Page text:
“By the time of its release, “Halo” will join other video-game inspired films such as “Lara Croft: Tomb Raider,” “Resident Evil,” and “Doom.” But the industry’s Hollywood inroads have not been without bumps.”

This is more about brand exploitation than story of course and everyone knows it. I can’t imagine a screenplay getting past first post if it was pitched as “super-robot guy helps human soldiers kill aliens on strange planets” ;-) Suppose the real issue for me is that we all throw our personal constructs and emotions onto games when we play them – it becomes a unique experience, almost an event in our minds. I still remember a few long nights trying to get Lara through the canal level, yes I am not that good! But I now strongly associate Tomb Raider with Venice! Bizarre, that neural, cross-association thing again – my experience. Making a film of that event is more particularly a single (script writers route, or alternate story) journey through a non-linear game (well mostly non-linear – see previous post/article about serendipity “The Certainty of Chance“). It is like, well making a film that we can ‘relate’ to, familiarity but which is overtly articificial. I avoid talking about the differences between free-form game and narrative in this post as that is covered by a million voices outside but will refer you to this article by Gonzalo Frasca – which is a very accessible read. Part of the ludology vs narratology debate.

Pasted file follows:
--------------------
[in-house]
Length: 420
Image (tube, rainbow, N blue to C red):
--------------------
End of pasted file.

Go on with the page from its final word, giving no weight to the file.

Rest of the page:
Back to this post. I wonder if this current trend by Hollywood is almost the last wag of the tail of ‘studio empire’ lion – the road from being the number one entertainment, to recycling b-movies to making a film about anything that has pulled the audience away from the box office, (video games). Will film itself move into its own genre – perhaps in 10-20 years when we refer to a film it will have it’s own connotation, something about people…perhaps and we can hope it will bring audiences back because cinema will be one of the few remaining mediums actually reflecting humanity. Still like games, in life we should still play with new forms in this cross-over period – some will rise, many will fail, I suggest most films of games or in fact any shared ‘personalized’ event might be one them.

Posted by Gary Hayes ©2005